Practice Tips and Tactics Involving Additional Providers in New York

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On January 1, 2020, additional medical providers have been authorized to treat claimants under the New York State workers’ compensation system. Physicians, chiropractors, podiatrists, and psychologists are joined by physical therapists, occupational therapists, physician’s assistants, nurse practitioners, licensed clinical social workers, and acupuncturists as Board-authorized providers. Not all approved providers have blanket approval from the Board, though. The differences in approval of the expanded providers give the carriers and self-insured employer the upper hand in some situations under New York State workers’ compensation.

Of note, not all providers are authorized to give an initial opinion on causal relationship or an initial diagnosis. Carriers must be aware that initial opinions on causal relationship or an initial diagnosis from a physical therapist, occupational therapist, physician’s assistant, and acupuncturist are still insufficient under New York State workers’ compensation. This is extremely important for claims professionals to be aware of when determining whether to accept or deny a claim. Not all medical evidence from a Board-approved provider would be considered prima facie medical evidence. If the initial medical evidence is from one of these providers, there may be cause to deny a claim on the basis of no prima facie medical evidence. This should be further discussed with your legal counsel. For example, if the claimant’s only medical evidence for the injury is from an occupational therapist, it is appropriate to deny the claim for a lack of prima facie medical evidence.

Physical therapists, occupational therapists, physician’s assistants, and acupuncturists are approved providers, but are not authorized to comment on permanency. If a claimant has an opinion on permanency from one of the above-mentioned providers, it is imperative to argue that their evidence is insufficient. Claimants are still required to obtain medical evidence from the appropriate type of provider. The burden to present competent medical evidence still falls on the claimant. Claims professionals need not provide claimants with medical evidence in certain claims until they have successfully submitted their own. For example, if the claimant submits evidence of a scheduled loss of use opinion from a physician’s assistant, the carrier should not yet obtain an Independent Medical Examination (IME) opinion on the same, as the claimant’s medical evidence is insufficient. If there is an IME and an opinion from a physical therapist, the physical therapist’s opinion would likely be deemed insufficient; thus, we would be providing the claimant with evidence of permanency and be directed to pay the claimant a lump sum of money.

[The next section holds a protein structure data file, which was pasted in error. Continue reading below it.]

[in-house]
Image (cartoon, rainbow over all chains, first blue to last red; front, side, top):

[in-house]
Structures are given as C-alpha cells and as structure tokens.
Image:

In regard to depositions, physical therapists, occupational therapists, and acupuncturists are still not permitted to participate. However, physician’s assistants can be deposed under very limited circumstances. Carriers and self-insured employers have the upper hand in situations where the opinion provided is weak or outside of the Medical Treatment Guidelines because the provider is not afforded the opportunity to confirm or clarify their opinion during cross-examination. The carrier’s representatives may have the upper hand in cross-examining a nurse practitioner and a licensed clinical social worker, as they have been recently authorized to be deposed. These providers will not be acclimated to being cross-examined often and may not be able to anticipate the types of questions asked. The carrier’s representatives may be able to get the unexperienced providers to change their opinion in their favor more easily than the experienced providers.

In all, the expanded provider list affects all parties under New York workers’ compensation law. The changes discussed give carriers an advantage in some situations. Claims professionals can use the expansion of Board-authorized providers to the carrier and self-insured employer’s advantage in situations involving a new provider’s inexperience and claimant’s burden to present medical evidence.